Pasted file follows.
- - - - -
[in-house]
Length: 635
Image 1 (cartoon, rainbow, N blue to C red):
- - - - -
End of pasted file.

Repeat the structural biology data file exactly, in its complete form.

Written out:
[in-house]
Length: 635
Image 1 (cartoon, rainbow, N blue to C red):